Monday, September 13, 2010

The Zefrank Scribbler

What A Tangled Web We Weave

This morning while checking out the latest contributions to Julia Kay's Portrait Party on Flickr, i came across the wonderful work of Maureen Nathan. Among her drawings was a one entitled self from memory.

At first i thought it had started life as a doodle but closer inspection revealed it was done with a computer program called The Scribbler by You probably already know it but it was the first i had ever heard of it.

It is a web-based drawing program where you do some free drawing with your mouse cursor and then, when you are ready, the program re-draws what you have done with those evocative web-like structures.

Needless to say i then also tried a self-portrait from memory, the results of which you see above.

You can have a go on Scribbler for yourself here. Have fun.

And by way of appreciation, i used Scribbler to draw a portrait of Maureen for JKPP from this photo.

This was the result.

Thursday, September 9, 2010


Father, oil on canvas, 30 x 40 cm

Monday, September 6, 2010

The Masque Goes On

The masque goes on, oil and crepe bandage on canvas, 30 x 40 cm

Are we really happy
With this lonely game we play
Looking for the right words to say?
But not finding understanding anyway
We're lost in a masquerade

We try to talk it over
But the words get in the way
We're lost inside
This lonely game we play.

No matter how hard we try
To understand the reasons why
We carry on this way
We're lost in this masquerade.
adapted from This Masquerade, Lyrics by George Benson, cover made famous by the Carpenters  (hear it on Youtube here).
I wanted to explore a bit further the use of crepe bandage in my art practice. I liked both its symbolic associations and the sculptural qualities of its surface.

And so, I  created this 3D piece. The nose and mouth are an impression taken from a plaster caste of my face. The impression was made by smearing the plaster with petroleum jelly (as a releasing agent) and then impregnating some crepe bandage with acrylic polymer gloss and pushing it into place to dry.
I wished to play with flat plane of the canvas. I was hoping for a tension of realities - through which channels do we get our information about a person? Which provides more readable information, the flat and barely suggested eyes, or the textured and fully-formed yet dark mouth? Do all the impressions we have of a person even sit together?
And how much of what we see of another person is mask, persona, social face? What lies beneath? Who is peeking out through the mask?

Society is a dance and we all come in costume, each wearing our masks. I was always struck by the line in T.S. Eliot's Love Song of J. Alfred Prufrock, that we "prepare a face to meet the faces that you meet".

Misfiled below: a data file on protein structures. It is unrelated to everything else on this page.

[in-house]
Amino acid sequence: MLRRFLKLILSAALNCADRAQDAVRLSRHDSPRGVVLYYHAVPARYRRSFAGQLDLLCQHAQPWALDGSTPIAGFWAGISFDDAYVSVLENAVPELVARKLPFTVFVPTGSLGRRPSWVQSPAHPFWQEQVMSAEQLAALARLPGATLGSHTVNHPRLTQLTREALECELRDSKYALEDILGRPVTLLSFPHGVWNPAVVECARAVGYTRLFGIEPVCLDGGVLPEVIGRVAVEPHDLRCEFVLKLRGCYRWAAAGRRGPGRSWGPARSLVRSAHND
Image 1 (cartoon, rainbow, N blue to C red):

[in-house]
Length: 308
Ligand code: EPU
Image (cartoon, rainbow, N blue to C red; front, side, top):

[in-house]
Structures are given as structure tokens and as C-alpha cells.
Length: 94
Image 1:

The masks are not there simply there to conceal, but also to reveal. Or rather, to manage. Through our Persona we manage the impression we make on others. Our masks are a translator that conveys our inside world to the outside world in a way the outside world can receive and understand and embrace.

But one's social mask can also become a prison, locking us into a way of behaving and being that feels alien or that daily bruises the personhood within. The Man In The Iron Mask.

Though perhaps the worst fate of all is to identify totally with one's own mask, to believe there is no other mental reality, inner life or personal identity than our social face.

Or is that just a Western myth?

Enough musings for today. Below is a second photo of The masque goes on, but lit from right side.

Friday, September 3, 2010

Jigsaw Man

Jigsaw man, oil on canvas, 30 x 40 cm

"... he began to feel as if he had as much effect on the final outcome of the operation as a single piece of a jumbo jigsaw puzzle has to its predetermined final design. Only the addition of the missing fragments of the puzzle would reveal if the picture was as he guessed it would be.              Stanley Kubrick

puz·zle (pzl)
v. puz·zled, puz·zling, puz·zles
1. To baffle or confuse mentally by presenting or being a difficult problem or matter.
2. To clarify or solve (something confusing) by reasoning or study.

1. To be perplexed.
2. To ponder over a problem in an effort to solve or understand it.

1. Something, such as a game, toy, or problem, that requires ingenuity and often persistence in solving or assembling.
2. Something that baffles or confuses.
3. The condition of being perplexed; bewilderment.
                                                              The Free Dictionary

Birchall's Tertiary Art Prize

Last night I attended the opening of the Birchall's Teriary Art Prize Exhibition at the University of Tasmania's NEW Gallery.

I was delighted to have been selected as one of the 23 finalists from the field of 43 artists who had entered works. This being the first time I have ever first participated in an art prize competition it was exciting just to see my name neatly lettered on a gallery wall!

The judges were West Tasmanian coast artist and gallery owner Raymond Arnold, a previous Glover Prize winner, and Bala Starr, senior curator of the Ian Potter Museum of Art, Melbourne.

The winner was Hirad Yousefpour (congrads, Hirad) whose entry was Knock Me Not (hung to the left of the door in the photo above). His painting features the surreal image of a door-knocker over a cloud, a work questioning access to personal memories. On the right of the door is my entry, When your outside's in and your inside's out.

Big thanks to Birchalls of Launceston for sponsoring this acquisitive art prize worth $2,500. It sure is encouraging to struggling art students and is a great occasion for meeting fellow artists.

(Not to mention my catching up with the Professor of the Art Faculty, Noel Frankham, once himself a student of mine some decades ago! Doesn't life have its twists and turns!).